Wayne McCoy, an engineer and partner in the proposed high-density development, replied that the detention pond was never intended as a permanent fixture. It was designed to act as a sediment basin for water that is discharged into the nearby retention pond — the small lake where ducks and herons are regular visitors.
After listening to both sides of the issue, the council unanimously approved the master plan that will allow the $20 million project to proceed.
The council also heard, on first reading, proposed amendments to the city’s ordinance regarding the sale of alcoholic beverages.
Many of the changes would clarify or reduce some requirements for obtaining a license while at the same time setting stricter guidelines for business partnerships seeking a license to sell alcoholic beverages.
While most changes would be minor, there could be one major addition to the ordinance if the sale of beer or wine “samples” is adopted. The sample license fee would cost $200 annually and would allow giving or selling customers small amounts for on-premise consumption.
The law would allow stores that have growler stations where customers can fill containers from kegs of craft and microbrewery beers and ales to offer such samples. It would also allow customers to sample wines before committing to the purchase of a full bottle.
The proposed ordinance specifies that these samples could not exceed 1 ounce and that an individual could be served no more than three such samples within a 24-hour period.
The agenda for the council’s first meeting of 2012, scheduled for Jan. 9, is expected to include a second reading of the draft amendment. Discussion of the proposed amendment will occur when it is presented for a third and final reading.
In other business:
n Fort Oglethorpe’s public employees will receive larger Christmas bonuses this year.
City Manager Ron Goulart proposed offering $40 gift cards to employees rather than spending $3,500 that remained in the city’s contingency fund to host a Christmas party, saying the cards had been popular last year.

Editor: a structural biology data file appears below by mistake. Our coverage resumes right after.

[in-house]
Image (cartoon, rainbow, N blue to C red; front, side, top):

But rather than a $40 bonus, Councilman Eddie Stinnett said he felt the city’s workers deserved more and asked that the bonus be upped to $100 per employee.
Councilman Charles Sharrock objected to the use of gift cards, saying cash might be more appreciated.
Goulart said a cash bonus would be subject to withholdings the same as salary or overtime pay, while a gift card would be given tax-free. The effective difference would be that a $100 cash bonus would be roughly equal to $80 given in the form of a gift card.
The council approved the higher bonus amount, in the form of a $100 gift card, with the additional $60 per worker being taken from departmental budgets.
Goulart said he will be able to shift money from the contingency fund earlier in the coming year to assure a ready reserve is on hand for the annual bonus.
n Before agreeing to cancel their scheduled Dec. 26 meeting, the city council approved spending $75,800 of special purpose local option sales tax funds to purchase a backhoe. This new piece of John Deere equipment will replace a backhoe that has been in service for 18 years.
The council approved spending nearly $5,000 to repair a brush truck and slightly more than $8,000 to replace the pump on a sewer jet truck.
The purchase of a small street sweeper from the city of Rossville was also OK’d by the council. For $9,000 the city is buying a used miniature sweeper, worth about $65,000 if new, that has been used for fewer than 140 hours.
This piece of equipment is small enough to be used on the city’s walking trails and sidewalks, as well as parking lots and the space between curbs and traffic lanes.